Dang 1Why Chinese Mothers Are SuperiorCan a regimen of no playdates, no TV, no computer games and hours of music practice create happy kids? And what happens when they fight back?By AMY CHUAUpdated Jan. 8, 2011 12:01 a.m. ETA lot of people wonder how Chinese parents raise such stereotypically successful kids. They wonder what these parents do to produce so many math whizzes and music prodigies, what it's like inside the family, and whether they could do it too. Well, I can tell them, because I've done it. Here are some things my daughters, Sophia and Louisa, were never allowed to do:ENLARGEAmy Chua with her daughters, Louisa and Sophia, at their home in New Haven, Conn. ERIN PATRICE O'BRIEN FOR THE WALL STREET JOURNAL• attend a sleepover• have a playdate• be in a school play• complain about not being in a school play• watch TV or play computer games• choose their own extracurricular activities• get any grade less than an A• not be the No. 1 student in every subject except gym and drama• play any instrument other than the piano or violin• not play the piano or violin.I'm using the term "Chinese mother" loosely. I know some Korean, Indian, Jamaican, Irish and Ghanaian parents who qualify too. Conversely, I know some mothers of Chinese heritage, almostalways born in the West, who are not Chinese mothers, by choice or otherwise. I'm also using theterm "Western parents" loosely. Western parents come in all varieties.All the same, even when Western parents think they're being strict, they usually don't come close to being Chinese mothers. For example, my Western friends who consider themselves strict maketheir children practice their instruments 30 minutes every day. An hour at most. For a Chinese mother, the first hour is the easy part. It's hours two and three that get tough.Despite our squeamishness about cultural stereotypes, there are tons of studies out there showingmarked and quantifiable differences between Chinese and Westerners when it comes to parenting. In one study of 50 Western American mothers and 48 Chinese immigrant mothers, almost 70% of the Western mothers said either that "stressing academic success is not good for children" or that "parents need to foster the idea that learning is fun." By contrast, roughly 0% of the Chinese mothers felt the same way. Instead, the vast majority of the Chinese mothers said that they believe their children can be "the best" students, that "academic achievement reflects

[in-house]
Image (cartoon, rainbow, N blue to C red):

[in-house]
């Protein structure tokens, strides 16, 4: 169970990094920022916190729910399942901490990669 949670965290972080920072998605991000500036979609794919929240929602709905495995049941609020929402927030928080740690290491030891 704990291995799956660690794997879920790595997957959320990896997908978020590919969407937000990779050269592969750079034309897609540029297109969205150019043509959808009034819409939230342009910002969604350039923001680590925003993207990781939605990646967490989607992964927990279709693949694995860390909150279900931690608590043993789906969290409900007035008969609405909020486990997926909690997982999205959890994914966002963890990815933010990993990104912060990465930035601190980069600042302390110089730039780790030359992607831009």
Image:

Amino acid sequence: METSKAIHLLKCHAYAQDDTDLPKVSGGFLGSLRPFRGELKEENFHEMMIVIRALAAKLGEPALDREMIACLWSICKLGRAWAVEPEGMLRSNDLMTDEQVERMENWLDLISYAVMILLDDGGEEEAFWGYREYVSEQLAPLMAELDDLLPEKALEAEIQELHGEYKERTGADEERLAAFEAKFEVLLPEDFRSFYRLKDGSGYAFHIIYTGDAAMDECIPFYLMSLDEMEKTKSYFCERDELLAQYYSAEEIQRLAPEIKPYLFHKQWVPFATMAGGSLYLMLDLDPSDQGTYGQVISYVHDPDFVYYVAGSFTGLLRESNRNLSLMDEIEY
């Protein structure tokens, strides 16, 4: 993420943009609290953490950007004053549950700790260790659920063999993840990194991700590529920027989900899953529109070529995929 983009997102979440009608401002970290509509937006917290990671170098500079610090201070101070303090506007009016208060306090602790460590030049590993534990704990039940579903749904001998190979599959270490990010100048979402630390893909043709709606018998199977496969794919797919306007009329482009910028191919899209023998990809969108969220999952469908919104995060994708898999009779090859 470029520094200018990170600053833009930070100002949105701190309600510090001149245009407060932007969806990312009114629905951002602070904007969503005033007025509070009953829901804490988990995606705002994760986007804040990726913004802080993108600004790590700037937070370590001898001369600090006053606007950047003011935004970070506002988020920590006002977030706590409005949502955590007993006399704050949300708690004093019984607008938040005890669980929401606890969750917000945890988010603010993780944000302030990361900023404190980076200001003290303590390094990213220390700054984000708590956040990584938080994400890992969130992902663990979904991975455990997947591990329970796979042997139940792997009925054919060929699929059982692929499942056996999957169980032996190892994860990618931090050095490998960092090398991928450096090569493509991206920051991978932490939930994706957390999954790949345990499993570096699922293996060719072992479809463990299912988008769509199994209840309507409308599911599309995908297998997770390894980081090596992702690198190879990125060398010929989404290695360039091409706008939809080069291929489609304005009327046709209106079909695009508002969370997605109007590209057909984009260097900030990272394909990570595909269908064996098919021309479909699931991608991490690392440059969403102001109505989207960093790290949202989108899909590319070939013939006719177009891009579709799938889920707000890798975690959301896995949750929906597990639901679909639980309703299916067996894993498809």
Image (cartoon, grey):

Last Name 2successful parenting," and that if children did not excel at school then there was "a problem" and parents "were not doing their job." Other studies indicate that compared to Western parents, Chinese parents spend approximately 10 times as long every day drilling academic activities with their children. By contrast, Western kids are more likely to participate in sports teams.